From Australia to Boscombe – Surf Reef bags ordered


Bournemouth Borough Council has announced it has now placed orders for the specialist bags and webbing base for the construction of the artificial surf reef in Boscombe, Bournemouth, Dorset.


The contracts with a total value of over £500,000 have been let with ELCO, the Australian-based geotextile* bag manufacturer and Unique, the New Zealand based webbing manufacturer.  The companies have developed these specialised products in associated with ASR Ltd, the New Zealand-based company which has designed the reef.


The webbing base and 55 bags, which vary in length from 15 metres to 70 metres will cover an area the size of a football pitch, and be positioned underwater 225 metres out to sea to the east of Boscombe Pier.


The first of three consignments, which will include the webbing base and first section of the bottom layer of bags, will arrive in the UK at the end of May 2008, having travelled 12,000 miles (19,000 km) by sea. The reef will be constructed during the summer months, when there are calmer sea conditions. The sand needed to construct the reef has been harvested from the beach replenishment programmes that took place in 2007 and 2008, and is being stored on Boscombe beach.


New Zealand-based Dr Kerry Black is the designer of the reef. ASR Ltd, Dr Kerry Black’s company, has been revealed as the constructor of the reef, on a performance-based contract, ensuring the reef will perform to pre-stated standards.


Stephen Macloughlin, Leader of Bournemouth Borough Council says: “The idea of building Europe’s first artificial surf reef in Boscombe, Bournemouth has been transformed from an exciting proposal, to a reality. The construction timetable is on track to allow the reef to be completed, providing there are favourable weather conditions, by the end of October this year. As ASR Ltd has been commissioned on a performance-based contract to construct the reef, this is the most efficient, lowest-risk strategy for the Council and simply makes sense.”


Updates on the surf reef and the construction process can be found at:


* Geo-textile bags are environmentally inert and so the material will not harm marine life.  The outer layer of the bag is in a coarser material which will encourage colonization by marine life.





Bournemouth Surf Reef in Boscombe will be one of four artificial reefs worldwide: Narrowneck, Queensland; Cables, Western Australia and Mt.Maunganui, New Zealand.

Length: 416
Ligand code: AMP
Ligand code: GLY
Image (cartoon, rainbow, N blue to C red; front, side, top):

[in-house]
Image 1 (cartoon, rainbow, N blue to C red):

The surf reef will not generate waves, but will amplify the existing surf. It has been reported that the reef will create 13ft waves. This is not correct as the surf reef is expected to double the size of the existing surf. The reef will provide a ride of up to 75 metre to the right, with two shorter left-hand rides.


The reef mimics the effects of a natural reef, acting as a ramp, pushing waves upwards, doubling in size, and shaping them into good-quality surfing waves. Doubling the height of the surf will also mean that the number of good surfing days will double. The reef at Boscombe is designed to provide a grade 5 wave on a day with good swell which is in the challenging range (Hawaii Pipeline is a grade 8).


What is the economic value of the reef?

A Council Economic Impact Assessment has suggested that the reef will provide direct income of up to £3million per annum. It will create an image value of £10million p.a. resulting from a variety of media. It will generate an estimated 60 full-time and 30 part-time jobs. A survey in Cornwall revealed that surfers spend 8% more than other holidaymakers.


Who is Dr Kerry Black?

Dr Kerry Black is the managing director of ASR Ltd and the designer of the Boscombe surf reef. He is the Director of an Australian research institute and a top research scientist in the esteemed National Institute of Water and Atmosphere in New Zealand. He has published over 400 scientific documents and written or been the subject of hundreds of popular articles, television interviews and newspaper articles. He edited the world’s first scientific journal issue on offshore reefs for coastal protection and recreation (surf reefs).


Dr Kerry Black has travelled the entire Pacific Rim and measured 44 of the world’s best surf breaks, to find out what makes a world-class wave and, ultimately, how to replicate it artificially.



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